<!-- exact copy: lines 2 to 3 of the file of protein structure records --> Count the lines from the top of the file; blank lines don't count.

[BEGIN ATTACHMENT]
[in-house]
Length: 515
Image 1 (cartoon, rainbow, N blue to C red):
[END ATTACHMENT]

Length: 515
Image 1 (cartoon, rainbow, N blue to C red):